Each year in June, Basel hosts a global forum for design, bringing together galleries, curators, critics, collectors and artists and designers that are shaping contemporary design culture. Occurring alongside the Art Basel fair, Design Miami/ Basel combines progressive programming and innovative collaborations with the latest in cutting-edge technology, as well as historical rediscoveries. This year’s program brings 46 galleries from 13 countries, including several gallery debuts, as the worlds of art and collectible design continue to merge.
Program highlights include exhibits by Caterina Tognon Gallery from Venice, known for glass art, and Tokyo furniture designer Nendo (Oki Sato) at Friedman Benda, as well as Brazilian architect Oscar Niemeyer. The curated program Design at Large will feature a number of reappraisals of the architecture of Italian luminaries Lina Bo Bardi and Gaetano Pesce, including Pesce’s iconic Dujardin children’s store on the Belgian coastline. The accompanying talks will reflect on Italian radical design of the 1960s that coincided with an era of political tension, as well as on the more recent #MeToo movement. Also to see: radical female textile artists, Jean Prouvé’s demountable houses and schools, and Zhang Zhoujie’s “freely grown” chairs, created in his Digital Lab with the use of AI.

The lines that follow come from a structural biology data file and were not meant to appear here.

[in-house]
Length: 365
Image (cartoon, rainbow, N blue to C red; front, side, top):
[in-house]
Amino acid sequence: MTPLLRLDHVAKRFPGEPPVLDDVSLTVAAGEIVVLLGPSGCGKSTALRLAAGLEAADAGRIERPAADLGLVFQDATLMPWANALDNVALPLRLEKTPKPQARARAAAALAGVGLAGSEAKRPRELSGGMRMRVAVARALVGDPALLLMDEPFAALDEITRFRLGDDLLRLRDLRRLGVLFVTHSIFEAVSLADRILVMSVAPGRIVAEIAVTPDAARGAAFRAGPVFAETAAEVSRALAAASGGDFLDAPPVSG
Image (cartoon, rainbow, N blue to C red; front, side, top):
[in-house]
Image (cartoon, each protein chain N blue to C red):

Main image: Jean Prouvé/ Lift-up table with drawer (1943) and Cafétéria no. 300 demountable chair, (ca. 1950). Courtesy of Galerie Patrick Seguin and Design Miami/ Basel 2018.
Western influence in Japan has a fascinating and turbulent history. Architect Keith Little looks at how that complex relationship is embodied in Tokyo's Kyudōkaikan, one of the few buildings to survive the rapid economic growth of the twentieth century. Recent restoration of the complex was funded through an innovative business model, which reflects the temple's masterful blending of the old and the new
Eavesdropping is a part of life: we hear things that are not intended for us all the time. Yet the word’s meaning has changed over time. For our second collaboration with Liquid Architecture, sonic artist and researcher Sam Kidel has prepared us a mixtape that uncouples voice and personhood: “I created the mix as a tool for feeling into unsettled experiences of voice.”
Gregory Lorenzutti was working in Tacloban City when he met a group of young performers preparing for the first fiesta since Typhoon Haiyan had devastated the region, 18 months earlier. In this photography series, Lorenzutti captures the beauty of Filipino queerness, and the complex story of how LGBTIQ families were affected by the city's rebuilding